January 27, 2010


The Curious Tale of Obama's Biggest Defender (Michael Smerconish, 1/27/10, Daily Beast)

The tale of Ellie Light piqued my curiosity, so I asked one of my radio producers to try to find the writer and book her on my radio program. That took some work. My producer noted that Ben Smith at Politico had reported that “Ellie Light” had written her missives from a Yahoo email account. My colleague searched the Internet for “Ellie Light Yahoo” and found that Ed Morrissey at Hot Air had received communications from Light. In posting the message header he received, Morrissey included the email address from which the messages originated. My staffer sent an email to that address, seeking to invite the person behind the emails onto the program.

Soon thereafter, that person responded, accepted the invitation, and offered a phone number at which to reach her. A search of WhitePages.com found that the number was an unpublished landline number originating from Lakewood, California. When the person claiming to be Light called in the next day, however, she did so from a different phone number, though one with the same area code as the one provided the night before.

In my Tuesday morning interview, Light both defended the president and acknowledged being dishonest about her primary residence: “I think it’s fair to say that when commenting on national issues, it’s perfectly fine to be from other parts of the United States, even when writing to a local newspaper. However, I think I need to own up that I did misrepresent my location in some of those places.”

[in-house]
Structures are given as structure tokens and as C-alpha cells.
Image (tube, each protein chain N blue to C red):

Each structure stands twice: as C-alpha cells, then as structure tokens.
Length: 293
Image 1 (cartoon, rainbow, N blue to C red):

When I asked Light how often newspapers would call to verify her identity, she told me: “Most times, and most often I misrepresented my primary residence.”

That wasn’t all “Ellie Light” misrepresented. Just after my interview concluded, the Plain Dealer published a report online identifying Light as a traveling nurse named Barbara Brooks. But wait—later that day, another woman claiming to be Barbara Brooks called the newspaper to deny that she was Ellie Light. She asserted that a “male acquaintance” was actually the elusive letter writer. Eventually the Plain Dealer conducted conversations with two people claiming to be Barbara Brooks. Coinciding with this reportage was Internet speculation that I had interviewed a man, not a woman, and that neither I nor my audience knew the difference.

Then yes another twist. Tuesday night, “Ellie Light” contacted my producer and acknowledged that “she” is actually Winston Steward, ex-husband of Barbara Brooks.

Posted by Orrin Judd at January 27, 2010 7:18 AM
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